Hunches around the wing of his harp. 



Hurry, Hurry

Hurry, hurry  the grasses say.   
They point the easy way, 
Hands over their heads 
Like divers finding the pool. 

Swiftly, swiftly the meadowlark 
Lances from the grass 
Easy into skies, swaying 
His wingtips as he goes. 

Calmly, calmly the sunset 
Sets the field afire.   
If my days like grass must burn, 
Let night like larks aspire. 




Crooked Hickory

"To myself I told a lie, 
I gave it all my heart. 
And to that lie I’m loyal 
That lies within my heart. 

I cannot unwind the coil 
I wound with all my strength. 
She was young who bent it, 
And I am old at length. 

The lie that lies within me 
Has daily shaped my days. 
And to that lie I’m loyal, 
Although I would part ways."

 



                       I felt uplifted, 
Like champagne in a thin, bright glass 

Ted Hughes 



Cows’ Hooves

Cows’ hooves stand, planted apart, in earth
While flanks gild blank statues in the sun’s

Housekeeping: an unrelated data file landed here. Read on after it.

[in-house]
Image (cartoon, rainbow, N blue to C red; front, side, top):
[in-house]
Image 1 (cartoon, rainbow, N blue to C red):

Afternoon onset, rank spillage yolk and gold.
They jaw cud the way chain-smokers smoke,
The way old husbands snore while soupy brown eyes 
Loom and ruminate, beautifully lashed orbs 
Seeing all... or seeing nothing.... It’s hard to tell.





Horse Lessons

The dawn field was a single whistling white, 
Endless star-white grass 
As my feet held steady 

Against the gigantic pull of earth. 
I stood like a horse watching the sunrise 
Emblazon the land, picking out the stripes of grass 

One by one, and blessing them 
As dawn went on toward day, and the horses 
Paraded out led by children 

And the time for lessons pinched me into speech. 
Pommel and throatlatch;  cantle, stirrup;  bridle and bit. 
Giddup, giddup, 

And the whole line of us rose into motion like a wave, 
The grass it’s endless sirrahs intoning, 
And still cool, still sheltered 

By some shadow of night’s arrested rest, 
The rustling unhaltered rest of stalls—
Standing still in limb and spirit, eventide divine. 




Spider’s Lesson

The spider diagrams a sentence punctuated by death. 
Death to the fly that tries a new language. 
Death to the butterfly pining for thistles’ pins. 
Death to the moonblind moth tumbling moonward.